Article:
where isUrl(word)
 select new Uri(word) ).ToList();
 }
 private IEnumerable<string> GetHashTags(string text)
 {
 string[] words = Regex.Split(text, @"([ \(\)\{\}\[\]])");
 return (from word in words
 let ishash = new Func<string, bool>(s => s.StartsWith("#"))
 where ishash(word)
 select word).ToList();
 }

I know for the above 2 functions I could have written a High-Order Function

Using Mono Cecil Decompiler within Windbg to decompile


I have been hacking Mono lately and one of the coolest projects I have seen is the Mono Decompiler. It’s like Reflector but no UI and an API to decompile. Guess what, even reflector is built on top of Mono Cecil.  Most of times when I have to debug I would end up using  !dumpil  sos command to get  the IL  of the method desc.  I am not an IL guru, I am much comfortable reading C# than IL. I could have used reflector to do the same thing, but here are couple of reasons for doing this.

  • I don’t have to open another application and I am comfortable with cdb.exe
  • I like to understand this library , which I could use in the future.

Here is a simple app that would return C# code.  I could have written a windbg extension, but I am lazy


using System;
using System.IO;
using System.Linq;
using System.Text;
using Mono.Cecil;
using Cecil.Decompiler.Languages;

namespace Conosole
{
 class Decompiler
 {
 static void Main(string[] args)
 {
 var function = args[1].Split(new[] { '.' });
 //MethodName
 var methodName = function.Last();
 //Typename
 var typeName = function.ElementAt(function.Length - 2);
 //Namespace
 var ns = function.TakeWhile((c, i) => i < function.Length - 2).Aggregate(new StringBuilder(),(sb,s) => sb.Append(s+".")).ToString().Trim(new [] {'.'}) ;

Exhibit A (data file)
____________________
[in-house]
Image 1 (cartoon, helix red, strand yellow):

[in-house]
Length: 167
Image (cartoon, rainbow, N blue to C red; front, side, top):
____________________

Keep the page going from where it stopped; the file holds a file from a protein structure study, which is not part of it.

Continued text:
Console.WriteLine((from module in AssemblyFactory.GetAssembly(args[0]).Modules.Cast<ModuleDefinition>()
 from type in module.Types.Cast<TypeDefinition>()
 from method in type.Methods.Cast<MethodDefinition>()
 where type.Namespace == ns && type.Name == typeName && method.Name == methodName
 select method.SourceCode()).First());
 }
 }
 public static class Extensions
 {
 public static string SourceCode(this MethodDefinition methodName)
 {
 var writer = new StringWriter();
 CSharp.GetLanguage(CSharpVersion.V3).GetWriter(new PlainTextFormatter(writer)).Write(methodName);
 return writer.ToString();
 }
 }
}

And here is the usage within windbg. I am using LinqPad as an example. Here is the !clrstack output

0:000> !CLRStack
OS Thread Id: 0x16e0 (0)
Child SP IP       Call Site
001ae758 7695438d [InlinedCallFrame: 001ae758] System.Windows.Forms.UnsafeNativeMethods.WaitMessage()
001ae754 61fc737a System.Windows.Forms.Application+ComponentManager.System.Windows.Forms.UnsafeNativeMethods.IMsoComponentManager.FPushMessageLoop(IntPtr, Int32, Int32) [f:\dd\ndp\fx\src\WinForms\Managed\System\WinForms\Application.cs @ 2198]
001ae7f0 61fc6e2c System.Windows.Forms.Application+ThreadContext.RunMessageLoopInner(Int32, System.Windows.Forms.ApplicationContext) [f:\dd\ndp\fx\src\WinForms\Managed\System\WinForms\Application.cs @ 3422]
001ae848 61fc6c81 System.Windows.Forms.Application+ThreadContext.RunMessageLoop(Int32, System.Windows.Forms.ApplicationContext) [f:\dd\ndp\fx\src\WinForms\Managed\System\WinForms\Application.cs @ 3306]
001ae878 61f5366d System.Windows.Forms.Application.Run(System.Windows.Forms.Form) [f:\dd\ndp\fx\src\WinForms\Managed\System\WinForms\Application.cs @ 1496]
001ae88c 0038316b LINQPad.Program.Run(System.String, Boolean, Boolean, Boolean, System.String)
001ae96c 003813f1 LINQPad.Program.Go(System.String[])
001aeb84 00380554 LINQPad.Program.Start(System.String[])
001aebc4 0038034f LINQPad.ProgramStarter.Run(System.String[])
001aebd0 003800f5 LINQPad.Loader.Main(System.String[])
001aee18 6d7e21db [GCFrame: 001aee18]

I am going to try and decompile this method “003813f1 LINQPad.Program.Go”  into c#

Here is the output from !ip2md 003813f1 to get the method name and class address

0:000> !ip2md 003813f1
MethodDesc:   002c9024
Method Name:  LINQPad.Program.Go(System.String[])
Class:        0036f404
MethodTable:  002c9230